HC Deb 29 November 1906 vol 166 cc271-2
MR. YOXALL (Nottingham, W.)

. To ask the Secretary of State for Foreign Affairs whether he has any official information showing that the fact that of 200 applicants for examination for appointments as vice-consul only three candidates with commercial experience presented themselves on the last occasion, is largely explained by the facts that only one vacancy was offered to such candidates and that it would have been necessary for them to attend an examination lasting a week and to pay a fee of £4; whether any steps had been taken, except immediately prior to the examination, to make known the new conditions of entry to the consular service among the class of young business men whom the Committee of 1903 especially desired to attract; whether any action is to be taken to give effect to the opinion of the Committee of 1903, in paragraph 3 of Section 6 of the Report, to the effect that nominations should eventually be confined to candidates possessing some business experience; and whether, in view of the fact that since the adoption of the scheme based on the Committee's proposals only one vacany out of thirteen has been so filled, he will take into consideration the desirability of offering all or most of the vacancies which occur in the future to candidates with commercial experience, and of making the announcement and conditions of examination arranged more widely known in commercial circles than is the case at present.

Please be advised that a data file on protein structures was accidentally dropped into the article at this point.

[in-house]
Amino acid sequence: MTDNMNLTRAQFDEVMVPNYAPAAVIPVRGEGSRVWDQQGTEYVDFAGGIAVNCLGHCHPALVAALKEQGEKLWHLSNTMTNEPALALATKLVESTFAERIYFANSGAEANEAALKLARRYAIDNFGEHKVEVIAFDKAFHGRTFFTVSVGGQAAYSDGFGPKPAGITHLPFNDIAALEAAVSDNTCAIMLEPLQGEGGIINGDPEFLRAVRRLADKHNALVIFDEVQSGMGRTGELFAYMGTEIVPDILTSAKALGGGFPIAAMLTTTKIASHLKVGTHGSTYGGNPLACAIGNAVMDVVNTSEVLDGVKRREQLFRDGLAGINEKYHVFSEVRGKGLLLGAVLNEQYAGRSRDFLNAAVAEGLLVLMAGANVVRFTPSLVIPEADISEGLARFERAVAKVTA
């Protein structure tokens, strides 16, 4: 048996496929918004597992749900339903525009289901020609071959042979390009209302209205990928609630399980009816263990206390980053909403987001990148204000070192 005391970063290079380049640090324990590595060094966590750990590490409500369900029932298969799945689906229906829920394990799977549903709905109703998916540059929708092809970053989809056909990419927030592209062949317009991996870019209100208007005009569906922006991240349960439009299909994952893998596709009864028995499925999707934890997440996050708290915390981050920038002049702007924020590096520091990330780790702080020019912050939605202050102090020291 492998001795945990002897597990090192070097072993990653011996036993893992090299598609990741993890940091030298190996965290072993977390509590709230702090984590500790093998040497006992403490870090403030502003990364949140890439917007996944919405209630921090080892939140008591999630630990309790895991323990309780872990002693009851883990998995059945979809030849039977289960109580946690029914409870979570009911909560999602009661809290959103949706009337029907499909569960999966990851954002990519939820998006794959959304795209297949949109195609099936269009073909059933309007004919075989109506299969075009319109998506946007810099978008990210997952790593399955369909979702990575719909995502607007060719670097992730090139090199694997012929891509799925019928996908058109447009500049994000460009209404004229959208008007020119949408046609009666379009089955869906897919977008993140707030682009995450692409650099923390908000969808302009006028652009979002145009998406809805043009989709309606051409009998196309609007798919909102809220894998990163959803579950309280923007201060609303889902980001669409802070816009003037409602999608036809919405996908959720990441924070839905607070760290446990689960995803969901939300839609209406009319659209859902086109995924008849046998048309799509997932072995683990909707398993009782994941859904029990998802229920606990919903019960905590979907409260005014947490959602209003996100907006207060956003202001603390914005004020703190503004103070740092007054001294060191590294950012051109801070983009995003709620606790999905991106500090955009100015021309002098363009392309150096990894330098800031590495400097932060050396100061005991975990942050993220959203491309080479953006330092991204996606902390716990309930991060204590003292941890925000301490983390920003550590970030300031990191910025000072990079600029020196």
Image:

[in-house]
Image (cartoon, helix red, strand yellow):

(Answered by Secretary Sir Edward Grey.) Two out of the five vacancies known before the consular examination were reserved for commercial candidates, but, as only one competitor qualified, the second vacany reverted to the general candidates. With regard to the steps taken to make known that commercial candidates would be welcomed, I must refer the hon. Member to the reply given him on this subject on the 12th instant † The fact that 200 applications from commercial candidates were received would in itself appear to be sufficient proof of the success of these efforts. Paragraph 3 of Section 6 of the Report of the Committee of 1903 does not recommend that nominations should eventually be confined to commercial candidates, neither do I consider that such a course would benefit the public service. The duties of consuls are not restricted to commercial matters, though all who enter the consular service work at the Board of Trade before taking up posts, in order to get some insight into commercial requirements. Though it is hoped that commercial candidates will continue to compete at consular examinations, and that they will be successful in obtaining a proportion of the vacancies, it would be manifestly unfair to admit men already provided with a livelihood into the service on any other terms than those of perfect equality with the ordinary candidate, who spends much time and money in preparing himself for the profession which he has selected. I am under the impression that the announcement and conditions of examination are made widely known, but I am ready to consider any suggestion for doing this which has, not yet been adopted. † See (4) Debates, clxiv, 1019.